Dave Pollard has a good essay on human nature and why we don’t prepare for events such as the Corona virus:
    Dave’s point is that human nature is to focus on our immediate goals and leave little time or money or energy to deal with known, but uncertain risks. Business experts polled by the Davos organization ranked a pandemic dead last in a list of potential threats. Everyone can see the danger posed by industrial animal farming…but it is quite unlikely that governments will do anything about it. Some individuals will refuse to eat the animal products for reasons of health or ethics…but the businesses will keep right on doing what they do.

    If you think Dave (and John Gray) have it figured out correctly, then it has implications for how you proceed if you think Dr. Morgan (and a few others) are on to something important.

    Don Stewart

  42. Interesting to watch the discussions. As Tim says, the economy is heading inexorably down the gurgler due to basic thermodynamics. COVID-19 will probably hasten the process, but who knows for sure?

    The human X factor is that we also have thermodynamic drivers baked into our genes that shape our behaviour. These are not perceived by most people, but that’s where our insatiable drive for more of everything comes from.

    Those drivers are also why it’s so hard, impossible really, to change people’s behaviour – be it celebrities taking private jets to climate change conferences, or driving electric cars to “fix the environment”, or thinking that we can continue infinite growth.

    It’s also the reason why most civilisations through history end the same way – by outgrowing their resource base. Every indicator is that ours is going that way, thus following the natural cycle of birth and death.

    You could postulate that the panic over a few COVID-19 deaths (relative to normal birth and death rates) is a subconscious recognition that our society’s death aka life as we know it, is also approaching. Societal discord, uprisings and wars map to energy availability and resources curves (energy/resources go down, uprisings go up), so people sense ‘something’s wrong’ even if they don’t know exactly what.

    • Indeed so.

      I find myself wondering if the archetype for our behaviour is King James I of England (VI of Scotland). He was described as “the wisest fool in Christendom”, very clever at small things but a fool in “weighty affairs”.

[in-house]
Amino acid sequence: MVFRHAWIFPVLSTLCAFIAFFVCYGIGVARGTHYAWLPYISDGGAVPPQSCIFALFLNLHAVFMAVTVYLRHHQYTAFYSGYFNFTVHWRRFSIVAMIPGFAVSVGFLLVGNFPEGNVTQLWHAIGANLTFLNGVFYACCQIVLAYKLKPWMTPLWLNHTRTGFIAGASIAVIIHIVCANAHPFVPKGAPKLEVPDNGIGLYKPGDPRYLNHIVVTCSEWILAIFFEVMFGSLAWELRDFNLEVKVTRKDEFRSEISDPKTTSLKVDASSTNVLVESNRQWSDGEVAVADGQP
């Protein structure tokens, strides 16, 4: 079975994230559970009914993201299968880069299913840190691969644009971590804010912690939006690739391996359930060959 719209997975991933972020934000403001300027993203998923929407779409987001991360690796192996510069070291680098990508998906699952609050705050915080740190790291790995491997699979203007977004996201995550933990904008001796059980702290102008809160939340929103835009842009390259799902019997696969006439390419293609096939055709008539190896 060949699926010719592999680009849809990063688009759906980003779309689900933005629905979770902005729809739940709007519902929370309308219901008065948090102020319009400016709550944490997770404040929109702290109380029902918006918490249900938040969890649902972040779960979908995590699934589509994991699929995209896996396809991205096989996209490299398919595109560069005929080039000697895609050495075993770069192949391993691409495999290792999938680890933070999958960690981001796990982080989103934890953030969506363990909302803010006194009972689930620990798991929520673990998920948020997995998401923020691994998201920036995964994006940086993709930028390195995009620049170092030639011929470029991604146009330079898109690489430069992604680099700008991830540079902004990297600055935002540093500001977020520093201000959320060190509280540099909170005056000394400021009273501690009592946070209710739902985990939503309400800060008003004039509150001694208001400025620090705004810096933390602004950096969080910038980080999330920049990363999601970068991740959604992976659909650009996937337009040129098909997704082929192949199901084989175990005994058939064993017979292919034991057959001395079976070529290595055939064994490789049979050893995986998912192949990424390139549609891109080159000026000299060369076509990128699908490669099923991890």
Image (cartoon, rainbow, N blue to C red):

We can do great stuff with technology, science and so on, but when it comes to “weighty” stuff we seem clueless. We combine the cleverness to split the atom with the idiocy of using this knowledge to build a bomb.

      In our current circumstances, we can’t get our collective heads around the reality about the economy as an energy system, let alone plan ahead for it. We treat “growth” as a Holy Grail but have billions living on a pittance.

      In finance, we can design some incredibly clever algorithms but then use them to create a dangerous and dysfunctional system.

      In this crisis, we can’t make the simple decision to re-open activities that are important and low-risk, and leave shut those which are high-risk and are not that important anyway.

      The UK has just announced that anyone arriving from overseas after the end of May will be asked to go into two weeks’ quarantine – something that should surely have been done two months or so ago, back when the British health minister was insisting that air travel wasn’t a major factor in the spread of the virus (so the virus obviously travelled from China to Europe on buses?).

  43. Over at Wolf Street, it’s been pointed out that numbers in employment in the US have plunged back to the level of June 1999. That’s a function of the coronavirus, of course, but it’s prompted me to look at comparisons using SEEDS. Comparing 2019 with 1999:

    Aggregate prosperity +9.6%
    Population: +17.9%
    Prosperity per capita: -7.1%
    Debt per capita: +73.5%

    • TIm,
      The time period you refer to (1999-2019) includes the longest unbroken economic expansion in US history. It’s remarkable that our leaders can’t look at the same data and see that there’s something very broken with the economic machine. It’s there in plain view for all to see, unless you choose to turn your head the other way.

    • Tim,

      Population stats are easy. Prosperity requires a source and definition.

      Also, is “debt” just personal incl. mortgages, credit cards, auto loans, etc. Or are you incl. all debt by all institutions: corps, govts…? I suspect the former.

    • Debt is government (owed, not traded value), plus households, plus private non-financial corporations. Internationally, it is published quarterly. Population numbers are published twice yearly.

      Prosperity is sourced from SEEDS.

    • It doesn’t. Corporate debt is included, whether bank loans or other forms including bonds. Private sector debt (corporate + household) is further reported as bank and non-bank.